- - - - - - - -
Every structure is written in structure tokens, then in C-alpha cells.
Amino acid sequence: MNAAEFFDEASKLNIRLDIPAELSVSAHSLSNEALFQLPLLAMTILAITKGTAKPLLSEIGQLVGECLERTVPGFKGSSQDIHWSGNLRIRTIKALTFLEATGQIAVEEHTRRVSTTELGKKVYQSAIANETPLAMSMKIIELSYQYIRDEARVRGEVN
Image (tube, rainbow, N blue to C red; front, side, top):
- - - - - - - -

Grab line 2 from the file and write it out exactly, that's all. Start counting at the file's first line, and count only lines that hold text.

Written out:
Amino acid sequence: MNAAEFFDEASKLNIRLDIPAELSVSAHSLSNEALFQLPLLAMTILAITKGTAKPLLSEIGQLVGECLERTVPGFKGSSQDIHWSGNLRIRTIKALTFLEATGQIAVEEHTRRVSTTELGKKVYQSAIANETPLAMSMKIIELSYQYIRDEARVRGEVN